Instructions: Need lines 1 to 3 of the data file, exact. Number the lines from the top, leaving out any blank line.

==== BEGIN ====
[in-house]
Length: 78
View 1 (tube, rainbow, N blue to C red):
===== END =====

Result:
[in-house]
Length: 78
View 1 (tube, rainbow, N blue to C red):